2. Anger – one of the best definitions I have heard about depression is “Frozen Rage”. Depression is almost always a result of unresolved anger in a persons life. Unresolved, repressed or improperly expressed anger will lead to depression.
  3. Injustice – Life is not fair and there injustice all around. When that leads to anger and is not resolved, depression is soon to follow.

Here are some helpful ideas on how to deal with depression. This list is not meant to be all inclusive and I always recommend getting checked out by a doctor as well.

  • Avoid being alone – isolation feeds depression.
  • Seek help from others – you can’t do this on your own.
  • Sing! make music – There are some great examples of this in the Old Testament (David & Saul).
  • Praise and give thanks – Thanks God for the simple things like the bird you saw fly by, the snow in the backyard etc.
  • Serve/volunteer – When we help someone else, it helps us as well.
  • Lean heavily on the power of God’s Word – the psalms can be very helpful. Here are some of the most helpful: 6, 13, 18, 23, 25, 27, 31, 32, 34, 37, 38, 39, 40, 42, 43, 46, 51, 55, 57, 62, 63, 69, 71, 73, 77, 84, 86, 90, 91, 94, 95, 103, 104, 107, 110, 116, 118, 121, 123, 124, 130, 138, 139, 141, 142, 143, 146, 147. Take a moment and read them out loud.
  • Rest in the fact that the Holy Spirit is present – Jesus promised us that the Holy Spirit would be with us always.

Depression is real and always has a root cause. It may take a lot of work and help in order to find that root and heal, but it will be worth the effort. If you are struggling with depression, don’t give up. If you know someone with depression, don’t judge them, love them, pray for them and encourage them. Our enemy would love for Christians to remain stuck in depression, because it keeps us from being effective in his kingdom.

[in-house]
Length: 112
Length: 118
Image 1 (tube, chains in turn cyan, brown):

Check Your Gauges

Every time I get into my truck, I scan the gauges to make sure they are all OK. I make sure that no warning lights are flashing and that I have enough gas to get where I am going. It has become almost a subconscious thing for me now. I also tend to watch the mileage to make sure I know when I need to get my oil changed or have the engine tuned up.

I know that if I do that I can avoid a lot of car problems in the future. I also notice when one of our vehicles starts making weird noises and get it checked out right away.

How often do we check our own gauges? Did you know that we all have gauges in our life and that if we don’t check them or watch our mileage, or listen for weird noises, we can have some major problems?

God made us with gauges called emotions. When our emotions start to get out of whack it is like the red lights on your dashboard flashing that something is wrong. The check engine light may come on. Our emotions are designed to help us navigate through life. When emotions become negative and are not checked out, it normally leads to a major breakdown. Things like anger, hostility, resentment, bitterness, unforgiveness and self-hatred can lead to physical and mental breakdowns. Studies have shown that unchecked emotions like this can lead to hypertension, coronary artery disease, autoimmune disorders, rheumatoid arthritis and more.

Anxiety can lead to irritable bowel syndrome, panic attacks, heart palpitations and other problems. These negative emotions also tend to deteriorate our relationships as well. When emotions are out of whack, they can cause us to do damage to the important relationships in our lives. So how do you check your gauges and see how you are doing?